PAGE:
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S’pore music scene heating up again?

SINGAPORE – Concave Scream, Kick!, Humpback Oak, Serenaide and Gingerbread. Do any of these names ring a bell?

S’pore music scene heating up again?

The Betts are among the emerging bands that will be performing at Pop-Up Noise: The Great Singapore Replay concert on Sept 9. Photo: Cheryl Lin/TODAY

SINGAPORE – Concave Scream, Kick!, Humpback Oak, Serenaide and Gingerbread. Do any of these names ring a bell?

Songs from these Singapore bands that made waves from the 1960s through early 2000s are making a comeback at the Pop-Up Noise: The Great Singapore Replay concert on Sept 9 in an attempt to connect youths with popular tunes from the nation’s past.

The songs that will be featured were voted by 16,000 members of the public over three weeks in June.

The event, organised by the National Arts Council (NAC) in collaboration with Temasek, hopes to “bring together people across generations through the rediscovery of ‘made-in-Singapore’ music, whilst providing a platform that inspires young creative talents to contribute to our rich local music heritage,” said Robin Hu, head of sustainability and stewardship group at Temasek.

“Also, through the arts and these songs, we hear the story of Singapore over the years,” said Kenneth Kwok, assistant chief executive of planning and engagement at the NAC.

Most of the songs to be featured are from bands who were popular in the 1980s and 1990s when a number of local bands were made popular.

After the heady days of the ‘90s, the music scene appeared to have suffered a dearth of local talent. That is, until the likes of Gentle Bones and The Sam Willows, among others, emerged in recent years.

With the bevy of popular bands from yesteryear, some may levy the critique that Singapore’s music scene used to be more vibrant. But was it, really?

Leslie Low, 45, who used to front 1990s indie rock band Humpback Oak, said: “It was more vibrant, perhaps, because there were more labels pushing local music. For example, there were labels like Pony Canyon, BMG and Rock Records.”

“There was a nice healthy record label scene and because of that, local bands had more visibility. That’s compared to now where most are independent and don’t have the same resources,” said Low, who now fronts art rock band The Observatory and also performs solo gigs.

He added: “What is on the airways is now primarily from the UK or US and local music doesn’t get as much play as before. We are like a footnote in a big publication.”

Some of local music’s younger blood agree as well, claiming it is harder for acts to garner attention. However, it is not necessarily due to foreign competition or the lack of exposure opportunities.

22 year-old singer song-writer Joie Tan said: “Now we have shows, festivals, bars and pop-ups everywhere which could be normalising it and making it perhaps not as exciting.” 

The bar is also set a lot higher and people are being pickier with who they support, especially with social media making music easily accessible from everywhere, said the Lasalle graduate who specialised in Pop Vocals.

Low agreed: “It’s getting a lot harder to be heard. Setting up a Youtube channel is easy but how do you draw the views? That’s a different ballgame.”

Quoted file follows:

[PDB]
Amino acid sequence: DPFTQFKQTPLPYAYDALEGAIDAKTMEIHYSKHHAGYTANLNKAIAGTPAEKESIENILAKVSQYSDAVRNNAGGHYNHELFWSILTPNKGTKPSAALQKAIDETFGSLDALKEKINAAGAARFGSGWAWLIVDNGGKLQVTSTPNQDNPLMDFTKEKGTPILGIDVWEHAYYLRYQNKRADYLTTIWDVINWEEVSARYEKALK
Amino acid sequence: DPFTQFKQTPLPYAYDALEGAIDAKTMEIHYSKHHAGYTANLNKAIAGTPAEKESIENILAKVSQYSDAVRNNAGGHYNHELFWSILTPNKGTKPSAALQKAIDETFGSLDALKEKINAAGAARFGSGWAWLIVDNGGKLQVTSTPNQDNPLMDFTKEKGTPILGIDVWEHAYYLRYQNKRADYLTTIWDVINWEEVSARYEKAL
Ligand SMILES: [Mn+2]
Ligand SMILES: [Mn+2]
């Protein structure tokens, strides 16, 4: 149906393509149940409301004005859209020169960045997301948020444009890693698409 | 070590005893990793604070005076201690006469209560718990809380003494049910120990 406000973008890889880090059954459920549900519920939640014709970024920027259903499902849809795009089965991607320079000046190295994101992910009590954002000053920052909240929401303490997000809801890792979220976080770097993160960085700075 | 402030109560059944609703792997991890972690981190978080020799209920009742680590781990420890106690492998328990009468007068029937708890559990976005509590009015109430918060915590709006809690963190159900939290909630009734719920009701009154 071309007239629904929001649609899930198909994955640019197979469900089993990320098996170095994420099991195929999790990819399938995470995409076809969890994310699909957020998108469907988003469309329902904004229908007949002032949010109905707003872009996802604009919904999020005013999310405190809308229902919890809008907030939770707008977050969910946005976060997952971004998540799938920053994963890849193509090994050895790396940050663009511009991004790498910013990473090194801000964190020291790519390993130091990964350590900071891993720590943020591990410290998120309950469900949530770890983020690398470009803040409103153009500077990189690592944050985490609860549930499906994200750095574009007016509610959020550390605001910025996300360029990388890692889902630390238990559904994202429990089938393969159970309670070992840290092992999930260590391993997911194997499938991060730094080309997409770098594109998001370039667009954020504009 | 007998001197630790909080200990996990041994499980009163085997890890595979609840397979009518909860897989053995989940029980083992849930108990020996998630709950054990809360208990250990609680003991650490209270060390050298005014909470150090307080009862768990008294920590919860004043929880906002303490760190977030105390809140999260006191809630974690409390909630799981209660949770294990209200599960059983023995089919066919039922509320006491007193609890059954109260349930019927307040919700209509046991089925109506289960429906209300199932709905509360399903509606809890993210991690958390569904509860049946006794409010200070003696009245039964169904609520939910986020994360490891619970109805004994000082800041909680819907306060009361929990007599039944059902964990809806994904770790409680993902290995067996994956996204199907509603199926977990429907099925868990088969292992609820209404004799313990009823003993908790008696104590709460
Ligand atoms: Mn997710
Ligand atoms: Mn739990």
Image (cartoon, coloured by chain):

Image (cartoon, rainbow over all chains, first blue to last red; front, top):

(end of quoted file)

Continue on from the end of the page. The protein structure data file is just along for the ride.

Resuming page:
Others however, opine that local music has never had it as good as it is now.

Sean Lam, ex-frontman of 90’s rock band Concave Scream, said: “We had a good time – it was exciting and what everyone felt in common was this: We could do music for ourselves. There was a camaraderie among bands but I wouldn’t say it was a big great period.

“Now we have young bands filling up auditorium-sized crowds, which we never had. We only had Substation crowds of, at most, 100 or 200 and that was considered a really good sell-out show,” said the 43 year-old who now runs a web design agency while performing solo part-time under the moniker, Hanging Up The Moon.

Sara Wee, the lead singer of 53A who performed last year’s National Day song, Tomorrow's Here Today, and local musician Charlie Lim concurred. Both agreed that adding that tech savviness among youths today has also helped local musicians push their work.

“The younger generation are way more advanced in being able to record and produce themselves,” she said.

Lim, 29, added that social media has enabled people to be a “more opportunistic” and “take things into their own hands”. As such, Lim feels that there is “no better time to do music than now”.

Concave Scream’s former frontman Lam agreed, adding that the main advantage the current generation of musicians have is mainstream appeal.

“That’s the big difference. Bands (like The Sam Willows) command such a big critical mass compared to what we did,” he said.

Musicians like Lam and others from the earlier generations are optimistic that appreciation for Singapore music and musicians can only get better.

Lam said: “Nothing happens overnight. We have planted the seeds and the baton will continue to pass from generation to generation. As long as it’s made locally and you have local ears listening, you should be proud.”

In the meantime, Humpback Oak’s Low said The Great Singapore Replay (TGSR) has been a good way to “keep the previous generation of bands and their music in everyone’s consciousness, while providing some continuity”.

Added Tan: “If we really want to believe in Singapore as an arts hub, then it’s important that we give as much respect and importance to our own history. TGSR exposes the younger generation to that while giving the older generation a wave of nostalgia when they watch and listen.”

The Great Singapore Replay showcase concert is jointly organised by National Arts Council and Temasek Holdings, and will be held on Sep 9 at 4pm at Clarke Quay Central. More information can be found at https://thegreatsingaporereplay.sg.

 

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